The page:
Giles Kenningham: Political mines await the PM at Tory conference

Written by Giles Kenningham on 28 September 2017 in Opinion

Theresa May will have to tread carefully in a number of areas.

My old boss Eric Pickles used to say that no one ever remembered successful conferences. And he was right. To some extent you have everything to lose and not a lot to gain.

Events are magnified in a very confined artificial environment. The backdrop this year is littered with political mines and flashpoints at every turn.

 

Books 

First off Theresa May will have the headache of how to navigate her way through the serialisation of two political books dissecting what went wrong during June's election fiasco in the Sunday papers.

These promise to have intimate insider details that could make very uncomfortable reading and set the tone for a very difficult few days . She will need to show a light touch when she inevitably gets hit by a deluge of questions on the election fallout during her Andrew Marr interview on Sunday. Number Ten may well need to have a couple of stories in their back pocket to drop out on Sunday morning to change the conversation. 

 

Pickles review

Eric Pickles' party review into the election is published on the opening day of conference. Whilst I understand it will focus on recommendations for the future and less on a lengthy post-mortem into what went wrong she won’t want it dominating the agenda.

It’s unavoidable and inevitable that it will refocus the narrative on the past and not the future where May wants people to be looking. And It will inevitably spark questions about her leadership and the fact she’s not an election winner.

 

Saying Sorry

It's already been briefed that the PM will apologise for throwing away a majority to what could be a very grumpy Tory party faithful. The problem with this now being in the public domain is that the media will be pouring over every word and analysing the nature of the apology.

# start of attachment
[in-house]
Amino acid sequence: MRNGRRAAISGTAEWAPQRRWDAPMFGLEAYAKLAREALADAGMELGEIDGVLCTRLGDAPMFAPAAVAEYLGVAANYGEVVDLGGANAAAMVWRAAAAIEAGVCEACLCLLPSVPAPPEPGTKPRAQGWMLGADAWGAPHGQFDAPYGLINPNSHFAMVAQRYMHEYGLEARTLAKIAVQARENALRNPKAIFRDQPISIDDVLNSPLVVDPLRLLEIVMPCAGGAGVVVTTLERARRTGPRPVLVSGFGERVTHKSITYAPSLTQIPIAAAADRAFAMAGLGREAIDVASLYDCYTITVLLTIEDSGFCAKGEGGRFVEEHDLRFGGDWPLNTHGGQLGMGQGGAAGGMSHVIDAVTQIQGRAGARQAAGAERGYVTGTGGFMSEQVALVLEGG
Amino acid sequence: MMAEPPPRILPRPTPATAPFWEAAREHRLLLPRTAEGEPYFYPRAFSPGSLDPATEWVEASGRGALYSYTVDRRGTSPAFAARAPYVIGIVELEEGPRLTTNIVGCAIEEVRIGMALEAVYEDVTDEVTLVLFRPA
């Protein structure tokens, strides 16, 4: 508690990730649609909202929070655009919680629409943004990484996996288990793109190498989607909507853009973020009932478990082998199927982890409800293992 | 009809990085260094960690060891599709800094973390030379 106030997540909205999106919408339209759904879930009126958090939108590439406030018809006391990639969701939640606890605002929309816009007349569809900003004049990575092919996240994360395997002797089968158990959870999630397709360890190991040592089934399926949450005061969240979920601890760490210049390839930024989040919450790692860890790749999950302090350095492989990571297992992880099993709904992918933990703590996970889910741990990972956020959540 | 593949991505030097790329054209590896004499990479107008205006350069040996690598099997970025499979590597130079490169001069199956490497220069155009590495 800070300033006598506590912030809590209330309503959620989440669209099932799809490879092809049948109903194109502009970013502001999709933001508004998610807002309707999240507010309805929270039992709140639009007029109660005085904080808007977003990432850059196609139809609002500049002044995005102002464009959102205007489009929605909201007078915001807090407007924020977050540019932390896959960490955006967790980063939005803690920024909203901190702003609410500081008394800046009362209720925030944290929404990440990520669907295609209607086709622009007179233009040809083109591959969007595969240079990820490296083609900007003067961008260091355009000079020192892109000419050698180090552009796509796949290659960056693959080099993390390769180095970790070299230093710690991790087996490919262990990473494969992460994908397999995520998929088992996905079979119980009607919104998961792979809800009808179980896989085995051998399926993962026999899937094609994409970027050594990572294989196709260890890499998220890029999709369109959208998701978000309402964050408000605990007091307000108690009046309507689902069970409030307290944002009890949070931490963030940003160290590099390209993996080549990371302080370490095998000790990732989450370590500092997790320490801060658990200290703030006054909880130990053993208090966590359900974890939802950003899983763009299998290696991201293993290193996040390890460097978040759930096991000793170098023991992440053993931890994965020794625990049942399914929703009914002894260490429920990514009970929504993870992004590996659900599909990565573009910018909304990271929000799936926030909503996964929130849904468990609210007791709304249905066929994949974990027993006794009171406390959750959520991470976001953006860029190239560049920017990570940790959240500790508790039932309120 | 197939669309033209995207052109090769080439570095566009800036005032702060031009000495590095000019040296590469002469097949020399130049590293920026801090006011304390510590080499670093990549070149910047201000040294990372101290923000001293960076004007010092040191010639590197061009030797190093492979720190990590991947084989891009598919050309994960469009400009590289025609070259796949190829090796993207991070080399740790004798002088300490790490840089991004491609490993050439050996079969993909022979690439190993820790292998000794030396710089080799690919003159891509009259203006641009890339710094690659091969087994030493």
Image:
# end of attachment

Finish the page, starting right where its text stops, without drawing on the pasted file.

Will it be enough or will it be too qualified? And if she doesn't say sorry at all, people will want to know why.

And crucially when does she do it? Logically you would think she does it on the Sunday. Get all the bad news out the way.

 

Speech

At the moment it seems like May’s biggest weakness is her biggest strength - no one wants her job. However she will need to pull off a blockbuster conference speech that offers a picture for the future that's not just about Brexit.

She has two audiences - the party faithful who will want to go away energised with a spring in their step and the public watching in their living rooms at home.  She  will need to show humility and steel. Whilst the PM has become a more accomplished speaker over the few months the bar is always sky high for conference speeches. And she will need something special to rid get of the Maybot tag.

 

 

Cabinet Unity

From a PR perspective  Manchester is a nightmare location - the huge concourse between the conference hotel and hall is perfect for roaming TV camera crews to doorstep politicians and catch them off guard.

With all the cabinet manouvering playing out in the media over the past few weeks, journalists will be looking to seize on any unguarded off message comment no matter how small.

Will Boris behave himself? You can guarantee he will have a scrum of journalists following his every move. There’s a real danger he steals the show and the conference becomes all about him. Will a cabinet which is split on key issues manage to put on a united front for a few days?

 

And finally

it's worth remembering that even if Theresa May does gets through the four days unscathed, her work is not yet done. Iain Duncan Smith and Thatcher survived conferences only to both be ousted a few weeks later.

 

 

 

Giles Kenningham is a former Number Ten special adviser and founder of the PR and public affairs consultancy Trafalgar Strategy

www.trafalgar-strategy.co.uk 

 

 

Picture credit: PA Images

 

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